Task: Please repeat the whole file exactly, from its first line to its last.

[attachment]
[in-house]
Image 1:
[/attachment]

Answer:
[in-house]
Image 1: